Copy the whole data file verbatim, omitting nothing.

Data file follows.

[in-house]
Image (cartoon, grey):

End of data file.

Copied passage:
[in-house]
Image (cartoon, grey):